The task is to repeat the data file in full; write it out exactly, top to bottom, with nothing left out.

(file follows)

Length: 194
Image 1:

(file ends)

Length: 194
Image 1: